Xiao Liuqiu (小琉球嶼), Swimming with turtles

Liuqiu or Xiao Liuqiu (小琉球嶼, Xiǎo Liúqiú Yǔ), sometimes also called Ryukyu (its Japanese pronunciation) or Lambai, is a small island of about 7sqkm in the southwest of Taiwan. Surrounded by corals, covered in limestone, hollowed out by caves, and only a 30 min ferry ride from Donggang – and thus about an hour away from Taiwan’s second-biggest city Kaohsiung – it is no surprise the island is popular with tourists.

We traveled to Xiao Liuqiu in May with friends. It is famous for its green sea turtles that swim lasciviously between the corals, grazing algae like ocean’s sheep. Xiao Liuqiu’s beaches are of a fine white sand. Cliffs offer shade against the sun that sets straight over the sea. It is paradisiac, especially for someone coming from Taiwan’s north where beaches are often a bit neglected yet quite crowded.

An idyllic island a few hours outside a major metropolis, you could expect mass tourism or overpriced exclusive resorts. (Or both, if you look at Europe’s island-gems). Yet you’d find neither. Xiao Liuqiu is friendly and laid-back, of a somewhat rebel nature. There are no Porsche sports cars, no Luis Vuitton bags.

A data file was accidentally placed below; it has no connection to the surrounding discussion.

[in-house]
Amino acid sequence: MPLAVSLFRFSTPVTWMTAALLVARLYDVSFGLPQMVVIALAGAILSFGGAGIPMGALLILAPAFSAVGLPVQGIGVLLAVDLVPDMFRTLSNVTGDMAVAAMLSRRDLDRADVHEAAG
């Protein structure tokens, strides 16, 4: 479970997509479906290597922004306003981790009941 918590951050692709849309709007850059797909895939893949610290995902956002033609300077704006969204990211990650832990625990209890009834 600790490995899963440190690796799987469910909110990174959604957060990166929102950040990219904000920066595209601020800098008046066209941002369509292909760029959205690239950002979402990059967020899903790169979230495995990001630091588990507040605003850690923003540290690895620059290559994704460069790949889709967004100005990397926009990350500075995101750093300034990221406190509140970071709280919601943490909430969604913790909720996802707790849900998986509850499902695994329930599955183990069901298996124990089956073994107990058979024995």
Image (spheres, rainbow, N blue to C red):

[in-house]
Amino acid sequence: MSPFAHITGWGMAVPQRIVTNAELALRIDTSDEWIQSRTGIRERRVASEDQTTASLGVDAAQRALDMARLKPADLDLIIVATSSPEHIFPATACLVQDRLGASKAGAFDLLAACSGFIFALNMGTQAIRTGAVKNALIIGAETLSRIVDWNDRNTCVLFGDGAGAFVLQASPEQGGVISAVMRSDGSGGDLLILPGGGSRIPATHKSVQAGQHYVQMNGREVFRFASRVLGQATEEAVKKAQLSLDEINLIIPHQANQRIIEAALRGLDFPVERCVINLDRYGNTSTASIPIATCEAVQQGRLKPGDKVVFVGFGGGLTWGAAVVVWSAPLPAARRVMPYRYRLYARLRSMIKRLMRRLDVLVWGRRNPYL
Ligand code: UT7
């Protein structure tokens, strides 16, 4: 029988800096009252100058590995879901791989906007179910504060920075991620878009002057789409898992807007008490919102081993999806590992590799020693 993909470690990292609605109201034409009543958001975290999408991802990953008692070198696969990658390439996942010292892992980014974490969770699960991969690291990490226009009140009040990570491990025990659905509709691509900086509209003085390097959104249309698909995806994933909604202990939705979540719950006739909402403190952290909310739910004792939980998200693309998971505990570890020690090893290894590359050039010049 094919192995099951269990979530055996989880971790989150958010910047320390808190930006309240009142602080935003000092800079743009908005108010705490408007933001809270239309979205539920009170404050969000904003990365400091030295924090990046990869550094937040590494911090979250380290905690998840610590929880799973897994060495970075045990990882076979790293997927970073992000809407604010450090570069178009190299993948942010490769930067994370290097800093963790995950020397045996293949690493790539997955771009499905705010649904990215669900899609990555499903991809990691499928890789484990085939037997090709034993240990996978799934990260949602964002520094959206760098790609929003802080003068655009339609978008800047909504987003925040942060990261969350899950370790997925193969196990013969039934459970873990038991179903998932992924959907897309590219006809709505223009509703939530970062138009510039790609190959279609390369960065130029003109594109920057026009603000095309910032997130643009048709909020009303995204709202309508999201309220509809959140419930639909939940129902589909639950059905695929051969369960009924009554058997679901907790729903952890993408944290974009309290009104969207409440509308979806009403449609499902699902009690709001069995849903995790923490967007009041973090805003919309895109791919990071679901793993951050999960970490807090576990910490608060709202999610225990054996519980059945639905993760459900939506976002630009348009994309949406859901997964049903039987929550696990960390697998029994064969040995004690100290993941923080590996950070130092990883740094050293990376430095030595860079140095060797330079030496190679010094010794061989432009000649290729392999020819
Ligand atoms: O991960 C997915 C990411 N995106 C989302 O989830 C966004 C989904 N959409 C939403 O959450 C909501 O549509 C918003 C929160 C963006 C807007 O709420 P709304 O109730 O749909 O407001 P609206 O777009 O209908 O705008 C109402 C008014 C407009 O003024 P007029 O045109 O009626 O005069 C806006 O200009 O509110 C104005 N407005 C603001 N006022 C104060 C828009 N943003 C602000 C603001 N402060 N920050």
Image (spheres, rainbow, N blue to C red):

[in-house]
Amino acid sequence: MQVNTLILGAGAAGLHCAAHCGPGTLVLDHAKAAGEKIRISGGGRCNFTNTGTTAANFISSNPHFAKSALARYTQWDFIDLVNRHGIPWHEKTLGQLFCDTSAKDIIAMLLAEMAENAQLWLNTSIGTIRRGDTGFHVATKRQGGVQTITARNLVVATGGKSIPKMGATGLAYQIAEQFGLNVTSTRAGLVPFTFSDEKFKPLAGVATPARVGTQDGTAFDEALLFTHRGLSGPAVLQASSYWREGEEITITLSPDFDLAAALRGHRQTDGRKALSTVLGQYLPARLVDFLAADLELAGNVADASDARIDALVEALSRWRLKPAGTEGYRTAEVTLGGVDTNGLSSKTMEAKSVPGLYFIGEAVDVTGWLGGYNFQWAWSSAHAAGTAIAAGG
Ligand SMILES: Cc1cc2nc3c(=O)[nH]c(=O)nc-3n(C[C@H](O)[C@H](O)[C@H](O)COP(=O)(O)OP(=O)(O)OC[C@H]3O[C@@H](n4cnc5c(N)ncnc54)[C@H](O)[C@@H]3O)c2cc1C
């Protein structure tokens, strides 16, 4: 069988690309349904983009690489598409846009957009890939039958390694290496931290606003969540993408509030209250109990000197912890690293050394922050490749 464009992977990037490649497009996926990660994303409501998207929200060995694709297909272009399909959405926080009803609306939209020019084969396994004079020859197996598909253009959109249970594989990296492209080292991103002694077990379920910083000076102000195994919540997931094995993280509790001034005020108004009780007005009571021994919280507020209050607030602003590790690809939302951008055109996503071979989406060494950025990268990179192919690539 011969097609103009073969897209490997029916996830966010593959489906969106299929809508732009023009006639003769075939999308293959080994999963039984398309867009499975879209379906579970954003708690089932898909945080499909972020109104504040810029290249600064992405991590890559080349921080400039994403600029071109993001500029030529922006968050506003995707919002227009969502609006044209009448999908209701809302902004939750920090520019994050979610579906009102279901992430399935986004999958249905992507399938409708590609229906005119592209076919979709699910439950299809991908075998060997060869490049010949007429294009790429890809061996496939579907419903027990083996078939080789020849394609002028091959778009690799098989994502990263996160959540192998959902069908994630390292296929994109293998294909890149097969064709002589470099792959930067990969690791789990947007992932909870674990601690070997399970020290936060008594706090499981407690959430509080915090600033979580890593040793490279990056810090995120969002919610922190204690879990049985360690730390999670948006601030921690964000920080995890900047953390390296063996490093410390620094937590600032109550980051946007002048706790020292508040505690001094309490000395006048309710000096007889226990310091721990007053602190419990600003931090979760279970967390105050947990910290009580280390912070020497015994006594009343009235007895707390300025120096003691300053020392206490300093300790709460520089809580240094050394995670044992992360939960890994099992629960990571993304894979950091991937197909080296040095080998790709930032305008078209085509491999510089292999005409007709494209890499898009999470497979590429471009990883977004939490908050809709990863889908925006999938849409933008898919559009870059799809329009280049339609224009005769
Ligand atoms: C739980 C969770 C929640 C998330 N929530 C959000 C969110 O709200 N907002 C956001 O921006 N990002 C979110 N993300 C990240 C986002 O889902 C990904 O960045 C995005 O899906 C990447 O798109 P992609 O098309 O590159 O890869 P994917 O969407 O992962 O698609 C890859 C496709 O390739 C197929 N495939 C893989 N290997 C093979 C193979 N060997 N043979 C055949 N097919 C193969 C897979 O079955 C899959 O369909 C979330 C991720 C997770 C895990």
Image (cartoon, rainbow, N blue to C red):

A playful life

Time flows slower here. Visitors are often young, and of a devil-may-care attitude quite rare in Taipei. As we were out to buy breakfast at a stand in the streets one morning, looking for the seller of all the wonderful fresh fruits, the owner of the scooter repair shop next to it shouted at us: “auntie is not here. Let me call her!” Ten minutes later, a 70-something lady came on a fiery red motor bike, carrying her knife to cut our pineapple.

In their hospitality and concinnity, the locals surpass even the main-island Taiwanese. (Who many Europeans already describe as the kindest people they’ve met.) The batteries of our e-bikes were swapped at the shop as we pleased. (“Come when they fall below 32V, it’s less fun then.”) As we were drinking a coffee in a nice jazz café next to the harbor, the owner brought us four wonderful cappuccino and then left us with his vinyl collection for half an hour – probably taking a stroll or seeing a friend.

The best kind of Backpacking

In a way, Xiao Liuqiu felt like a throwback to the grand years of backpacking some 10-20 years ago, when Southeast Asian countries like Thailand and Vietnam were less crowded and more “authentic,” their beaches still rough jewels, not yet polished for the ‘Gram, the resorts still hotels, the hotels still hostels, each with their charming own story on offer.

And thus, we spent our days lazy at the western beaches, snorkeling with the green sea turtles. (In respectful distance, of course! There were always about 3-6 in close proximity to the beach). Fresh seafood was easy to find, in some hip western-y BBQ trucks or – even better and much cheaper – the typical Taiwanese diners made of a ribbed roof and a couple of camping chairs. And we enjoyed our small electric mopeds. Their chattering offered a nice reminiscence of teenage years, and given the island is small and there are no cars, 30km/h was all we needed to feel free.